I for one would be glad to know the half of what Our Vincent does; or, failing that, half of what he has forgotten.

Ellen   Link to this

I would like to be able to understand vincent's writing as well as I think I do Sam's.

vincent   Link to this

done 3 score and ten now counting pebbles on the beach.

Wim van der Meij   Link to this

I think it is quite a feat to write as Sam does: extremely economic and at the same time giving a lot of information. To my idea there is often much humour and insight in the Condition Humaine. Of course part of it is a riddle for us, 20th century born moderners but most of the riddles are solved by the contributors to these annotations.
I know for instance 17th century Dutch writers are much denser and Dutch spelling has changed so much more than the English one, as well as the language itself. So "our" Sam is rather comprehensable, I think.

Nix   Link to this

Mingo --

Since he is an African slave, I wonder if the name is a corruption of "mandingo" (an earlier transliteration) or "mandinka", a west African tribal/language group.

http://15.1911encyclopedia.org/M/MA/MANDINGO.htm

That strikes me as more plausible than either Spanish or Scottish origin.

Pauline   Link to this

Mingo -
I wonder if his mom just named him Mingo after his greatgrandfather and when he arrived in England if his “friends” weren’t quite pleased that he had a name they could pronounce?

vincent   Link to this

Monikers were always issued to the less fortunate by our betters, some stayed a life time,based on original name, place[under which gooseberry bush one was found],job or physical characteristics , all of which have become PUC. No longer chalky, dusty,Limey[cor luv er ducks].So Our erst while future light keeper would a have been stuck with the first name that came to mind by his capters or employers .

Carolina   Link to this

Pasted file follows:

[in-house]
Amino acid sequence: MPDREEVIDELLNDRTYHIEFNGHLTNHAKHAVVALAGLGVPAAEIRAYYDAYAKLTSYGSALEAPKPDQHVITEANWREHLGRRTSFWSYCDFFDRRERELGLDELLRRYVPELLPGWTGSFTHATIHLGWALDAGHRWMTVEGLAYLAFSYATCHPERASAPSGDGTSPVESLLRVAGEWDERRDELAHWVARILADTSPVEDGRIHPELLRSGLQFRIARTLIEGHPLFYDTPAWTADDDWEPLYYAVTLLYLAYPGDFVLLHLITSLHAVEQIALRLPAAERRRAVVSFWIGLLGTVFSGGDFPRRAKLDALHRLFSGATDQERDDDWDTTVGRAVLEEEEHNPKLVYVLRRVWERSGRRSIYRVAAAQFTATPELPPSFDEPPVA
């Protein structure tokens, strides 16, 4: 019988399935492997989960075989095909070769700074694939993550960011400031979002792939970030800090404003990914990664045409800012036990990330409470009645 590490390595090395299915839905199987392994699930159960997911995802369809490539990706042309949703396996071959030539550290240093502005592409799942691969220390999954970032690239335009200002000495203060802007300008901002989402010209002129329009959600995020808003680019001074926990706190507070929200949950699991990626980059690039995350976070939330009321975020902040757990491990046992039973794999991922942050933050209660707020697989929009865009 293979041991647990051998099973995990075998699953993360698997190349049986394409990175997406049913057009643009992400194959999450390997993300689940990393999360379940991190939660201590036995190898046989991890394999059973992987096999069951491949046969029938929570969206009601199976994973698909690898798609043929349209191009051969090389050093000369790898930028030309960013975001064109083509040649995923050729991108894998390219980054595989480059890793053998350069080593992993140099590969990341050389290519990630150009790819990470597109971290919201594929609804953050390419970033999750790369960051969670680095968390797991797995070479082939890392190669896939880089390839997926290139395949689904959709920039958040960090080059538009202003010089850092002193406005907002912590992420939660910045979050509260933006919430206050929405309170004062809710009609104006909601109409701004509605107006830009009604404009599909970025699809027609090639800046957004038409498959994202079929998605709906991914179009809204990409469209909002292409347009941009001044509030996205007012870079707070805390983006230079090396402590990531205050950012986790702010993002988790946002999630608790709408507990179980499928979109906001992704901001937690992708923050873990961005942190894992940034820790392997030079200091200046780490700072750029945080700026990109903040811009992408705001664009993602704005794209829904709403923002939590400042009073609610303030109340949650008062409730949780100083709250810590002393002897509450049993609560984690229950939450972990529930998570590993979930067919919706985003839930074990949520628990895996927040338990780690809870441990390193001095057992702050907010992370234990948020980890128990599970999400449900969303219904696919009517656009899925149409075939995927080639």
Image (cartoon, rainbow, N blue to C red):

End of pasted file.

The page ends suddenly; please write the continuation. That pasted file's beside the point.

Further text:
Rose:By any other name would smell just as sweet ?

The story I have been told about names, here in Holland, is this:
Apparently, under Napoleon's rule,( early 1800's ?) everyone had to have a name and surname. People did comply, but some names were obviously given just for the hell of it.
In England, a lot of names are indicators of occupation, like Smith or Cooper and would probably have been in existence long before Sam's time. Here in Holland place names seem to have been the favourite, hence a lot of Van (from) Leiden, Amersfoort....

In England, place names seem to have been used for those, favoured by the King, like the Earl of Sandwich and my Lord Buckingham.

So, to continue this train of thought ... were commoners named after professions and the "gentry" named after places, in the glory days of the Restoration ?

Ruben   Link to this

There is no "Dominijo" word in Spanish. May be Vincent ment "dominio", but this is another story.
To understand why this Mingo name came from Spanish consider this:
The English and the Dutch had their merchant vessels in a 3 leg voyage: from Europe to West Africa. There they bought black natives from Arab merchants. The second leg took them to America were they sold this poor people to the Spanish, French, Portuguese or English colonizers to work in the plantations.
From there with sugar, etc., back to Europe. Small boys had a low value for the plantation, so they took them to Europe and sold them as pets. So, I presume, was Mingo's story.
About Mandinga, in Latin America everyone knows this is the name of an African tribe, but they use the word in first place as a synonym of Devil.

tc   Link to this

...went down by our barge to Deptford...

Blimey! And here's our Sam leading a boating party, first to check on the construction progress of a yacht, and then to a dinner on a fine ship where Sam gets to show off his new importance a little before the missus (...the first time I ever carried my wife a-ship-board...")